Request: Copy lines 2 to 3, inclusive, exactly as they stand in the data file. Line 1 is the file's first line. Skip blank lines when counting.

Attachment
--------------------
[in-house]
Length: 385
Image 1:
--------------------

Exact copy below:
Length: 385
Image 1: